Sunday, 19 April 2015

Musings - Melayu tidak memegang janji

 These images below explain the long hiatus in my postings.

My constant friend

My constant ( for the last six weeks) enabler.

From my constant spouse - comestibles like nasi goreng kampung.

But just as constant is the black news about the shenanigans of  Malaysian politics and of Malay politicians at home which only serve to cripple the rakyat, especially the Malays.  Harapkan pagar, pagar makan padi.  

It was my abah who, - when I was growing up in Singapore, often reminded me - "Orang Melayu kuat dengki sesama sendiri.   Rela naikkan lain bangsa untuk menurunkan bangsa sendiri.  I have lived and worked long enough in three Malay countries - Singapore, Brunei and Penang - to experience this foible.    No, 'foible'  is not a strong enough word - it should be 'sickness', a canker that eats at the heart and spirit of a people known to be gentle, easy-going and tolerant.  Our previous imperial masters regarded the Malays as backward and unambitious.  Today, after 58 years of  Merdeka, they have discarded  unambitious for greedy and envious: backward for  "progressive liberalism" ........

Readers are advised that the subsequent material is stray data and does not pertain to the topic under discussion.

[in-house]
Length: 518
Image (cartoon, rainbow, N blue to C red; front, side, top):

..... and  alim-ummah.

Now a septuagenarian, I look back and I reckon the most sincere and steadfast friend I ever had was my Chinese girl friend, Sim L. L.  She recognised my frustration and dissatisfaction as a Malay Graduate teacher in Singapore and she advised me to leave for Malaysia where I will have a better future.  She would do the same if she had been a Malay.  ( But I left for Brunei instead.).

Malays today - be they belacan Malays or mayonnaise Malays or tahini Malays must take heed of the sincere and honest voices of people like Helen Ang and Ridhuan Tee who are concerned enough for their country to remind the Malays that they must keep together.

Can our 21st century Malays learn from this simple gesture of unity that the Chinese uphold for their bangsa?

The Chinese in China, like Indians in India, or the Brits in UK will not cut themselves up - despite their political and social differences - in the way that the Malays are doing to themselves in their Tanah-Air.  One country, one culture, one religion and what keeps them apart is the loss of their sense of Malayness - greed, envy, conceit and self-righteousness have taken over asohan budi.